Journal of neurosurgical anesthesiology
High-grade gliomas impose substantial morbidity and mortality due to rapid cancer progression and recurrence. Factors such as surgery, chemotherapy and radiotherapy remain the cornerstones for treatment of brain cancer and brain cancer research. The role of anesthetics on glioma progression is largely unknown. ⋯ There was no difference in PFS and OS between patients who underwent surgical resection of high-grade glioma with minimal sedation (awake craniotomy) or GA. Further large prospective randomized controlled studies are needed to explore the role of anesthetics on glioma progression and patient survival.
Value-based care and quality improvement are related concepts used to measure and improve clinical care. Value-based care represents the relationship between the incremental gain in outcome for patients and cost efficiency. It is achieved by identifying outcomes that are important to patients, codesigning solutions using multidisciplinary teams, measuring both outcomes and costs to drive further improvements, and developing partnerships across the health system. ⋯ Validated, standardized core outcome sets for perioperative neuroscience are currently lacking, but neuroanesthesiologists can consider using traditional clinical indicators, patient-reported outcomes measures, and perioperative core outcome measures. Several examples of bundled care solutions have been successfully implemented in perioperative neuroscience to increase value; for example, enhanced recovery for spine surgery, delirium reduction pathways, and same-day discharge craniotomy. This review proposes potential individual- and system-based solutions to address barriers to value-based care and quality improvement in perioperative neuroscience.
Transnasal transsphenoidal (TNTS) pituitary surgery is associated with short-lived but intense nociceptive stimuli which cause substantial hemodynamic perturbations that may increase blood loss and impair visualization of the surgical field. This systematic review aimed to critically appraise the clinical evidence for the efficacy and safety of various anesthetic techniques, other pharmacological modalities, and supplementary interventions by assessing intraoperative systemic hemodynamics, use of adjunct medications, quality of the surgical field, intraoperative blood loss, and recovery profiles in patients undergoing TNTS pituitary surgery. Relevant randomized clinical trials and observational studies were identified in a systematic literature search; 16 studies (13 randomized clinical trials, 3 observational studies) enrolling a total of 907 patients were identified for inclusion in this review. ⋯ Although there was no clear-cut superiority of other adjunct pharmacological modalities on hemodynamic responses during surgery, regional blocks were associated with beneficial impacts on both primary and secondary outcomes. In summary, short-acting anesthetics, analgesics and dexmedetomidine seem to improve intraoperative hemodynamics, blood loss, and recovery qualities during TNTS pituitary surgery. However, definitive conclusions cannot be drawn because of methodological heterogeneity in the identified studies.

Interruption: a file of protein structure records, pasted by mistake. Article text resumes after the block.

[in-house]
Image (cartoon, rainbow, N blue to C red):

Randomized Controlled Trial
Low-dose droperidol has been reported to suppress the amplitude of transcranial electrical motor-evoked potentials (TCE-MEPs), but no randomized controlled trials have been conducted to assess this. This randomized, double-blinded, placebo-controlled trial aimed to test the hypothesis that low-dose droperidol reduced TCE-MEP amplitudes. ⋯ Low-dose droperidol (20 µg/kg) reduced TCE-MEP amplitudes. Anesthesiologists should pay attention to the timing of droperidol administration during intraoperative TCE-MEP recordings, even if used in a low dose.
Hyperglycemia is common among patients presenting with acute ischemic stroke (AIS) and is associated with poor clinical outcomes. We studied the effects of intensive blood glucose control among AIS patients presenting with hyperglycemia treated with mechanical thrombectomy (MT). ⋯ Intensive blood glucose control among AIS patients presenting with hyperglycemia and treated with MT was not associated with lower rates of death or higher rates of long-term favorable outcomes when compared with standard treatment.